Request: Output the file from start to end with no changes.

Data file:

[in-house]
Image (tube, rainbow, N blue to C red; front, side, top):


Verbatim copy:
[in-house]
Image (tube, rainbow, N blue to C red; front, side, top):